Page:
I run in the mornings on the treadmill before work. It's my only me time and my way to train for this upcoming half marathon. On the first day of school, my mind was racing as I ran trying to prepare myself for the stress of work. At that moment, I made a decision. It's going to be impossible for me to keep all people happy during this brutal, honest month. Crisis situations will get routed to my voicemail, help tickets will digitally pile up and too many people will walk into my office asking for an instantaneous solution. I can't do it all, I can do two things - keep my son happy and my fitness app stats on track (aka look after myself).
Believe it or not, it's working. After ten years of starting a fall semester at a college, this one by far is has been the easiest. Sure, there are heaps of problems to solve, but I have never slept better or felt more physically able to do my job. My son is happy - full of life and hitting another growth spurt as I type.
When my outside life gets stressful, my tendency is to aim everything I have at it and hope it works so that we don't experience any problems. Believe me, it never works. Problems find you. There are cracks everywhere. Instead, focus on what matters - your loved ones and your health. Fall semesters will come and go. Your time with your loved ones and your health deserve your full attention.
As a parent about to go away on a trip, I was looking forward to a temporary, new routine where my sole focus was on myself. It was fun, but I was amazed how much I missed the old routine. If you are a parent of a toddler, you know this routine.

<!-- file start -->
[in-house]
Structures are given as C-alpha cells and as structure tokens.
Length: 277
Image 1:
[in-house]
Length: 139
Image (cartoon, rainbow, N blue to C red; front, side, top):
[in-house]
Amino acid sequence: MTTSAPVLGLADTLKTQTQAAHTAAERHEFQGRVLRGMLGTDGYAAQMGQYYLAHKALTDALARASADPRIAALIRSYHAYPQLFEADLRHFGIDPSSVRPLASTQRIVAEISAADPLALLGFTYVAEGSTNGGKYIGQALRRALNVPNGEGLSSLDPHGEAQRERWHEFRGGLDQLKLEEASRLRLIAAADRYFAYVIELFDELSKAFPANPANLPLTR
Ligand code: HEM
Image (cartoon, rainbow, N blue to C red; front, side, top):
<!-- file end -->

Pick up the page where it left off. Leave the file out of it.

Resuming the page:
The routine in a nutshell is this - you do what you have to do every morning and night while making the care of your toddler the number one priority. Thanks to the training given to me by my toddler, I can wake early, run a few miles on the treadmill, shower, and be almost ready to go before he desires my company. Some mornings he lies awake listening to me go through these steps to cry out just as I turn off the shower, Other mornings, he wakes as I am sprinting that last few hundred yards to my imagined finished line. That means that getting ready involves going into his room every few minutes begging for more time or releasing him to become an audience member to the remaining routine.
Dear parents of toddlers, let me confess something to you right now. It's worth whatever you need to spend or beg for to have at least 24-48 hours free of this routine. Imagine waking up, not when you are trying to be free of your toddler, but based on your own needs, Imagine getting into the shower and taking your time without audience commentary. Dare I say, imagine leaving your room and getting to your destination on-time without having to chase a toddler in heels in your front yard. It's heavenly. This is the life of non-parents. It's worth experiencing this life at least once a year.
BUT, there is a warning. The toddler routine is so ingrained in you that it's hard for your brain and body to remember. For example, the first night away, every sound that I heard woke me up since I thought it was my son. If found myself looking for the baby monitor to go to the gym in the morning. I deliberately left extra early since I have been trained to give myself extra time in case "something toddler" happens.
And yeah, one more thing, taking a break from the routine actually makes you miss it and love it upon your return. So see, it's worth it.